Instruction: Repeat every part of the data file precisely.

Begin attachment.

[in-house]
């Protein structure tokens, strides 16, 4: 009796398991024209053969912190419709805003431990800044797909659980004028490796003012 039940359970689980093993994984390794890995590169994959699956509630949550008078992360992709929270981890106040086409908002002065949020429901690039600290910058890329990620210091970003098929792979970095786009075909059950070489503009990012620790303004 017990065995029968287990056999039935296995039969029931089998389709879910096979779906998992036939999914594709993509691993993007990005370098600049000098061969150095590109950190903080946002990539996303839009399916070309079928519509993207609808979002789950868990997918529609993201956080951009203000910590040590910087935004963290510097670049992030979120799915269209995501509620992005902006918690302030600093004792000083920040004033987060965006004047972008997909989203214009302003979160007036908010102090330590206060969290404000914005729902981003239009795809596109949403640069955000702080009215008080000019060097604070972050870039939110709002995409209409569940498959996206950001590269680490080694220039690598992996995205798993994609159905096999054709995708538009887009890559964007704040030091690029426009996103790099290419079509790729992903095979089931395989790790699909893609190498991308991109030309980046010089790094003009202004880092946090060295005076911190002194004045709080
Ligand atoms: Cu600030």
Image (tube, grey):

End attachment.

[in-house]
């Protein structure tokens, strides 16, 4: 009796398991024209053969912190419709805003431990800044797909659980004028490796003012 039940359970689980093993994984390794890995590169994959699956509630949550008078992360992709929270981890106040086409908002002065949020429901690039600290910058890329990620210091970003098929792979970095786009075909059950070489503009990012620790303004 017990065995029968287990056999039935296995039969029931089998389709879910096979779906998992036939999914594709993509691993993007990005370098600049000098061969150095590109950190903080946002990539996303839009399916070309079928519509993207609808979002789950868990997918529609993201956080951009203000910590040590910087935004963290510097670049992030979120799915269209995501509620992005902006918690302030600093004792000083920040004033987060965006004047972008997909989203214009302003979160007036908010102090330590206060969290404000914005729902981003239009795809596109949403640069955000702080009215008080000019060097604070972050870039939110709002995409209409569940498959996206950001590269680490080694220039690598992996995205798993994609159905096999054709995708538009887009890559964007704040030091690029426009996103790099290419079509790729992903095979089931395989790790699909893609190498991308991109030309980046010089790094003009202004880092946090060295005076911190002194004045709080
Ligand atoms: Cu600030």
Image (tube, grey):